We would like to congratulate Prabal Lakhanpal for his recent promotion to Senior Vice President at Spring. We are glad to have his positive and driven personality on our team! Check out Captive International’s full recap here.
Our Senior Vice President, Prabal Lakhanpal was quoted in an Captive Intelligence article on how captives can be utilized in the private equity space. You can find the full article here.
After a two-year hiatus, it was great being able to attend The Cayman Captive Forum in person this year. As the Cayman Islands is the second largest captive domicile, and the first for healthcare captives1; it is the perfect location to share leading trends in the captive world, and the warm temperatures and tropical views made it all the more enjoyable. If you weren’t able to attend or could use a refresher after returning to the “real world,” this quick recap might be of interest. Below are some of the buzziest topics at this year’s conference.
1) Tax Updates
On large attraction to captive insurance (and certain domiciles) relates to tax advantages. It’s complicated, though. Some of the tax-focused sessions presented at the conference were:
– Mike Domanski, a lawyer from Honigman LLP, discussed offshore federal tax considerations and U.S. tax reporting requirements in his session titled “Captive Insurance: Basic Tax Fundamentals.”
– In a session titled “The State of Tax: What You Need to Know,” experts discussed U.S. federal tax updates and how taxes will be affected by the Inflation Reduction Act and updates to Section 831(b).
– The penultimate presentation titled, “U.S. Tax Update” tackled IRS and compliance updates in the U.S. on both the federal and state levels.
2) Cyber Risks
Since the start of the pandemic, employers had to adjust to remote and hybrid workplace policies. This transition forced employers and employees to rely more on digital tools to conduct day-to-day operations and made organizations more susceptible to breaches. This is not the first year that cyber took the spotlight, but there were some great discussions around risk in this area, including:
– A session titled “Placing Cyber Liability in Your Captive” reviewed current trends in cyber treats and how insuring cyber in a captive can prevent devastating losses.
– Risk and Cybersecurity experts from the Cleveland Clinic explained why the healthcare industry commonly falls victim to cyber attacks and outlined steps to take to protect patient and caregiver privacy in their session, “Current & Future Cyber Risks In Healthcare: ‘Will you still love me, tomorrow?’”
3) Healthcare-Specific Coverages
In recent years, we have been seeing an increasing number of healthcare organizations leverage their captive to bring new and industry-specific lines. At this year’s Cayman Captive Forum we learned about how captives can be used for the following emerging and alternative risks:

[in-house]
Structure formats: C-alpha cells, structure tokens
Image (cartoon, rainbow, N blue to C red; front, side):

a) Medical Malpractice/Medical Errors
As the Cayman Islands is the most popular captive domicile amongst healthcare organizations, there was a large focus on healthcare-specific risks. There was a particular emphasis on how healthcare employers can reduce and prepare for potential medical malpractice/errors as noted in the following sessions:
– Presenters from the “Criminalizing the Clinical Defendant: Straight from the Headlines” session facilitated a mock deposition to address common medical malpractice trends and how they should be addressed.
– A session titled “Can your Captive Eradicate the Impact of Covid on its Medical Malpractice Program? Will It Ever End?” reviewed how medical malpractice can impact claims and legal outcomes.
– Dr. Dan Shapiro Ph.D., explained his experiences with burnout in the healthcare industry and steps employers can take to support healthcare workers in his presentation “Labor Shortages, Employee Burnout & Medical Errors: Working Together to Improve Results.”
b) Workplace Safety & Patient Care
Workplace safety is another non-traditional captive line (outside of employee benefits and Property and Casualty [P&C]) gaining traction. Healthcare organizations and, more specifically, healthcare workers and patients are prone to violence and discrimination more so than staff in other industries.
– In the session “Workplace Violence in Healthcare,” Trinity Health’s Diane Moritz explained initiatives their captive board are taking to prevent workplace violence injuries and support victims of patient violence.
– Children’s National Hospital’s Chief Diversity Officer, Denice Cora-Bramble discussed biases in data reporting for diverse patients, and experiences minority patients face when seeking health services in the session, “DEI Impact on Quality and Safety of Care.”
– I was joined by lawyer, Michael Domanski in a pre-recorded session titled “Using a Captive to Fund Long-Term Care,” during which we reviewed the current LTC market and different captive models (both taxable and tax-exempt) that can cover long-term care policies.
As we transition into a new era of captive insurance, this year’s Cayman Captive Forum acted as a perfect vehicle for addressing current and future themes in the industry. It was a strong end (almost) to an exciting year and we look forward to next year’s conference to continue these and other important discussions. Our team was fortunate to be part of the action in the Cayman Islands this year and is here to answer any questions you may have related to an existing or new captive program. Check out our captive expertise here and let’s chat!
As seen on Alera Group’s Insights Page